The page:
UNITED NATIONS - With 1.3 trillion dollars spent every year on the world's militaries, countries enmeshed in conflict are often flooded by weapons which are then turned against helpless civilian populations, say human rights organisations pushing for an international treaty to closely regulate arms sales.
"If a country is likely to be involved in warfare, then it is unjustifiable to sell arms. There must be regulation or control of arms -- especially when the countries that are buying them are involved in a conflict," Valentino Deng told IPS in an interview.
Deng's experiences formed the basis of Dave Eggers's recent novel "What is the What", which fictionalises the story of his life as a refugee of the Sudanese civil war. When Deng's village was attacked and burnt down, he was separated from his family and fled on foot with a group of other young boys. On the journey to a refugee camp in Kenya, they encountered great danger and terrible hardships.
"I saw people being killed by aerial bombings and I saw villages burnt to ashes," he told IPS. "I witnessed one of the incidents when a mother was killed and her young child was trying to breastfeed on the dead mother. At that time, I was wondering about one thing: who was supplying all these arms for war and conflict?"
The U.N. peacekeeping force's former commander in the Democratic Republic of Congo, General Patrick Cammaert, saw firsthand the futility of disarmament without controlling the supply of arms at the same time. "You had the feeling," he said last year, "that you were mopping up the floor when the tap was open. One moment you disarm a group, and then a week later the same group has fresh arms and ammunition."
A new report by Oxfam International reveals how irresponsible arms transfers undermine many developing countries' chances of achieveing their development goals. Either these transfers are draining the governments' resources or fuelling armed conflict, or both.
The international arms trade is also considered to be one of the three most corrupt businesses in the world, according to Transparency International, the leading global organisation monitoring corruption.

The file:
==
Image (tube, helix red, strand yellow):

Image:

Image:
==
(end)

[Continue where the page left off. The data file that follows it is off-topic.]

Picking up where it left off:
"What is clear is that if you want to achieve the development goals, with poverty reduction, improved health care and education, you need to control arms transfers, " said Katherine Nightingale, author of the Oxfam report.
At least 22 of the 34 countries least likely to achieve the U.N.'s Millennium Development Goals are in the midst of, or emerging from conflict, according to U.N. statistics. Oxfam notes that between 1990 and 2005, 23 African countries together lost an estimated 284 billion dollars as a result of armed conflicts, fuelled by transfers of ammunition and arms -- 95 percent of which came from outside Africa.
An investigative report by Amnesty International last month found that clandestine gun suppliers, funded by the U.S. and Iraqi governments, have flooded Iraq with a million weapons since 2003.
Because of faulty or non-existent government tracking systems, many of those guns have gone missing, and some have turned up in the hands of insurgents, Amnesty said.
According to the Oxfam report, a comprehensive and effective international arms trade treaty must be agreed to ensure more responsibility and transparency. Existing international initiatives like the Geneva Declaration to address armed violence are simply insufficient, it says.
"In parts of Africa there are strong regional agreements. But this is not enough. Arms trade is a global industry. We want a global arms trade treaty to ensure that states are hold accountable for the processes of procuring arms. International regulations are far behind in this aspect, " Nightingale told IPS.
Worldwide support for a global Arms Trade Treaty (ATT) was reflected when 153 states voted in favour during the United Nations General Assembly in December 2006. And later this month, U.N. member states will meet again to consider further steps to move towards negotiations on an ATT.
In the run-up to these discussions, a few states, including China, India, Egypt, Pakistan, Russia and the United States, have been attempting to block, delay and water down proposals, advocates say. This could kill the treaty before real negotiations even begin and allow continued unchecked trade in arms, human rights organisations fear.
Amnesty International, Oxfam, and others are now calling for the General Assembly to start a negotiating process during 2009 so that the international community can benefit from a legally-binding and universal Arms Trade Treaty by the end of 2010.